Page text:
In the past 10 days I have both read the book One Day and seen it’s movie counterpart. So this is a combination review.
Written by: David Nicholls
My old college roommate was coming to stay with my husband and I for a few days with the purpose of attending a mutual friend’s wedding. By early August, we had both seen previews for the movie One Day and combined with my ex-roommates love of Jim Sturgess the interest was great enough that we made plans to see it when she was in town. I had heard that the book was amazing so I made a decision that I must read it before I went to see the movie. So one week prior to to scheduled outing I bought the book. I almost didn’t make it. It was such an incredibly busy week and by the day before I was about 4 chapters away from being finished. It just seemed unthinkable to be that close to the end and not finish. I did finish. After I got to the climax of the book I rushed through the ending, saw the movie, and then went back at my leisure to reread the ending a couple days later.
It’s not a book you want to rush through.
I really loved the book for a couple reasons. The first was just the honesty. The book didn’t gloss over anything but really captured the nuances of growing up. There were dozens of times that I related so much to the characters, their questioning and their journey. They were so flawed and being able to get inside their head and see why they made the decisions they did…well, even the bad ones made more sense. It reminded me that everyone makes mistakes and justifies them because we’re all human and it’s part of life. We have no room to judge, and I learned this even as I experienced disgust with the characters at points. The second thing I really liked was the dialogue. It was rich and witty, the kind of dialogue I day dream about being able to use in real life.
In case you aren’t aware of the general premise, the book has two main characters: Dexter and Emma. Each chapter looks into each of their lives on the same day every year for twenty years. Some years they are together and others they are apart. It can be a little hard to keep up with while you are reading because you have to try and catch up on the year you missed in every chapter (figure out what happened over the past year). But it was creative and it worked.
It’s very raw in a lot of places. There are some misguided decisions, emphasis put on the wrong values, doubt, reality, selfishness, sexual encounters… I felt like it was very real and relatable even if I didn’t always see eye to eye with the characters.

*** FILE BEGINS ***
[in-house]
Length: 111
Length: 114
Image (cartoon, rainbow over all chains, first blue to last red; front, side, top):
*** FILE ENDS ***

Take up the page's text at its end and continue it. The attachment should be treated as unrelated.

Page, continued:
Released August 2011
Directed by: Lone Scherfig
The general fear with this movie was that the film just would not be able to capture the beauty of the book. It was certainly a challenge. My personal fear was the casting. Who would be able to capture these characters? I groaned a little when I heard Anne Hathaway was going to play Emma. Hathaway is a decent actress but I’ve just never liked her, and I like Emma, so wasn’t sure how I’d remedy that conflict. Additionally, actors trying to master the very distinct accents of other countries rarely work for me. There are obviously exceptions, but American to British seems to be one of the hardest to pull off and I was less than excited about hearing Hathaway’s attempt at it.
The two things this movie had going for it though was that Nicholls was adapting the screenplay himself and it was the perfect sort of movie for Lone Scherfig to direct. She is known for great characterization (An Education for instance) so if anyone was going to pull it off, it was her.
However, in my opinion, the book just didn’t translate well to screen.
I’m not the sort of person who gets upset when they change things about a book for a movie. They are two completely different mediums and to make a movie a good film, you just cannot follow the book exactly. If you can successfully capture the spirit of the book and make a great movie that stands on it’s own…I consider that a success. But I just don’t think that happened here.
The 20 year span of one day a year just didn’t work very well on screen. There was a lot to get in and a lot of time to cover. The movie moved too quickly. It was hard to get to know the characters when they seemed to be changing drastically every few minutes. You didn’t get the nuances of their personalities and decisions or ever really feel the pain they experienced. In some cases their flaws were glossed over (Emma’s character specifically is far more complex in the book) while in other instances the flaws were two black and white (I found myself hating Dexter in a movie, where I often sympathized with him in the book). Anne Hathaway ended up doing better than Jim Sturgess, and maybe her accent wasn’t distractingly terrible (I suppose my own awareness that it wasn’t real was more distracting). But at the end of the day, it just didn’t work.
I find myself wondering what I would have thought about the movie if I had watched it before reading the book. Am I judging it too harshly? Would I have followed it and liked the characters with no context?
Still, I don’t regret reading the book first because the book is absolutely better and would not have been as enjoyable had I known how the story ended. Though there is a general trajectory that you can see unfolding, there are still a lot of surprises along the way that would not have been felt as deeply had I known they were coming.